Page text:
“Just look around, the water is alive: crabs, stingrays, fish,” he tells me. “You don’t see it the same way in a boat. There’s just so much to see when you’re wade-fishing.” 


The fish here are spectacular, but there are other wonders in Port O’Connor, too. Just look skyward for some of the best birding in the state.

One of my favorite spots to bird-watch is Boggy Nature Park, a bayou lake with easy access for anglers, paddlers and birders.

The last time we were here, Port O’Connor friends Allan and Brigid Berger offered to take my family of five out for a quick summer paddle. With a few steps into the cool water, we pushed off the shoreline and ventured out into the Boggy Bayou wetland marsh.

We were all surprised at how many birds were feeding along the shoreline: reddish egrets, herons of all kinds, roseate spoonbills and even an elusive clapper rail, taking care of her chick.

Brigid was a wonderful tour guide for my three daughters.

“Great egrets are much larger than snowy egrets and have yellow-orange bills, whereas snowy egrets have a black bill,” she told us.
My kids tried to follow along, but they were excited just to paddle on the water and experience this close encounter with nature. Brigid was happy to share the spectacle she enjoys every day.

“This is the slow season,” she says, but it looked busy to us. “We get lots of spring and fall migrants here. Hawks, hummingbirds, lots of wintering birds. It’s great!”

This prime birding destination is a featured location on the Great Texas Coastal Birding Trail. Plans are in the works for Boggy Bayou to become part of the Texas Paddling Trails Program.

“The new trail will be a 6-mile loop with easy access to Boggy Bayou,” says Holly Grand, outreach and education coordinator for the Texas Parks and Wildlife Department.

Meanwhile, several other paddling trails offer fun in the area. Head to nearby (and aptly named) Seadrift to move quietly along the Guadalupe River into San Antonio Bay.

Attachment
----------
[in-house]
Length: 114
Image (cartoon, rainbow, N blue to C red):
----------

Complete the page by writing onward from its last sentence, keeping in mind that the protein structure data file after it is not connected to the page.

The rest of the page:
For a hard-core adventure, tackle the Port O’Connor Paddling Trail, a 40-mile series of six interconnecting trails along the shores of Espiritu Santo and Matagorda bays. I’ve been on this rough and rugged paddle. It’s well worth it.

Holly says the biggest adventure of all is the trip to Matagorda Island.

“You’ll want to be skilled to tackle the Matagorda Island Paddling Trail,” she advises. “It makes for a long day and takes a little more planning. But once you get out there, you can camp if you get a permit ahead of time.”


I rejoin Pete and John to fish near Matagorda Island in the late afternoon. The day has warmed, and I’ve finally jumped into the water to wade-fish, just in time for the evening bite.

Redfish start hitting our soft plastic paddle tails. I land several small “rat reds” (that’s what they call the undersized ones) while Pete and John continue to land keepers. Truthfully, I don’t care if I catch any keepers.

I’m feeling that connection with nature right now. The golden light of the setting sun makes the marsh come alive. Schools of mullet race past my legs; osprey fly above me, looking for dinner.

As my day of fishing comes to an end with a beautiful coastal sunset, I think about all the bays, bayous and ecosystems you can explore in Port O’Connor.

“If you’re an outdoors-type person or you want to explore cool estuaries, this is the place,” John says, describing the maze of marshland interspersed with ponds. “It’s really alive!”

Pete says Port O’Connor constantly calls him back to find something new and beautiful.

“You don’t see it the same way each time,” he says. “It’s crazy — my overall fascination with this ecosystem is what keeps me coming back. It’s not about catching fish. I’m in love with the bay system. It’s one of the most fertile places on the globe.”

I can’t wait to come back again. Next time, maybe I’ll brush up on my knots ahead of time.